If the article was published today, it would probably be titled “Professionalization agenda at HRPA” and regulation would be seen as a strand in this professionalization agenda.
What the 2008 article had recognized is public perception is an important aspect. Becoming more competent and professional is a good thing, no doubt, but if the public doesn’t recognize this is so, it really doesn’t work.
Establishing a professional regulatory body that has the confidence of all stakeholders will lead to enhanced protection of the public, but if the public is not aware of this, it really doesn’t quite work.
HRPA still has a way to go in regards to changing the public’s perception of HR, but we have put in place the right foundation to make it happen. Success depends ultimately on changing societal perceptions of the HR profession — but to do that, we needed to take the first concrete steps.
To change the public perception regarding the competence and professionalism of HR professionals, we needed to implement a new designation framework based on a new competency profile. To change the public perception that HR professionals registered with HRPA are governed and regulated by a professional regulatory body that acts in the public interest and that HR professionals registered with HRPA are accountable to their professional regulatory body, we needed to fully implement the regulatory processes laid out in our new act.
But doing so doesn’t guarantee the public will take notice. It is important to do these things in a way that ensures that. Of course, changing perceptions takes time, but that is the course we are on.
Ownership, responsibility, accountability
The second prong — fostering a sense of ownership, responsibility, and accountability in regards to regulatory matters on behalf of all members of the profession — is arguably still very much a work in progress. For many members of HRPA, it is not clear that becoming a professional regulated by public act has made any difference as compared to when the profession was governed by private act.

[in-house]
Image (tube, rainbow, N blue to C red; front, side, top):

Yet, as the association fully enjoins its mandate of protecting and promoting the public interest by making full use of the tools provided for in the act, the differences will become more apparent. A challenge for HRPA members will be to fully absorb or integrate the regulatory aspects into our identity as a profession.
The only reason to focus on the professionalization of HR is the belief that the professionalization of HR is good for the profession and its members and good for the public.
It stems from the belief HR has a lot to contribute to society, and the professionalization of HR will maximize this contribution.
If professionalization were done solely to further the interests of the profession and its members, it would not get the necessary societal sanction. If professionalization were done solely to further the interests of the public, there would be nothing in it for HR professionals and the whole professionalization project would go nowhere.
In 2008, no one could have predicted how quickly some of the “wins” would have happened. Now, we are entering a different phase of the professionalization project — that of changing how the profession is understood by both its members and the public. As former British prime minister Winston Churchill once said: “Now this is not the end. It is not even the beginning of the end. But it is, perhaps, the end of the beginning.”
Claude Balthazard is vice-president of regulatory affairs at the Human Resources Professionals Association (HRPA) in Toronto. He can be reached at (416) 923-2324 x. 327 or firstname.lastname@example.org.